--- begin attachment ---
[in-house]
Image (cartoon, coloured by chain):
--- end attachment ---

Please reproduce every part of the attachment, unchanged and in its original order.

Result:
[in-house]
Image (cartoon, coloured by chain):